A week after UK podcasters James and Fuhad stirred up controversy on social media for their comments about local South African vernacular, describing the language as “gibberish”, the duo has now issued an apology for their blunder. This incident unfolded during an episode of their Shxts'n'Gigs podcast last week, where they lightheartedly poked fun at South African tweeps for using a mix of English and vernacular in their online interactions.

Fuhad asked if this was a South African thread, in reference to the blending of languages. He encouraged South African tweeps to lean more toward English to make the discussion more universally accessible. His intentions were rooted in a desire for inclusivity, stating that they should make it universal and that he wants to enjoy it too. He said that they wrote half English and half mouth noises, imploring them to make it easier for those who do not understand the language.

However, the situation took a turn when they described a portion of the conversation as "gibberish," expressing their inability to comprehend it. Social media users swiftly responded with criticism. In response to the backlash, Fuhad attempted to clarify his perspective, offering a somewhat half-hearted apology.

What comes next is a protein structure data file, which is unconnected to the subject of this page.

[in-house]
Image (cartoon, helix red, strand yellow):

During another segment of their podcast, Fuhad confronted the issue that had ignited the online firestorm. He acknowledged that there had been a lot of controversy over their comments and opted to set the record straight. He said that there was a "mishap" in their use of the term "gibberish," explaining that they often used it casually in various contexts. His intent was to convey that "gibberish" was a term they used for anything they found difficult to understand, rather than implying any form of disrespect.

To further defend his stance, Fuhad revealed that the backlash had left him genuinely perplexed, to the point where he resorted to searching for the definition of "gibberish" online. He shared that the definition he found described it as "unintelligible, meaningless, and nonsense." Realizing the gravity of the misunderstanding, Fuhad raised his arms in a gesture of sincerity and admitted his mistake, offering a heartfelt apology by acknowledging that it’s wrong, and he apologizes.

In their attempt to bridge the divide and extend a more nuanced apology, the podcasters have embarked on a journey of understanding the impact of their words and recognizing the cultural sensitivities of their diverse audience.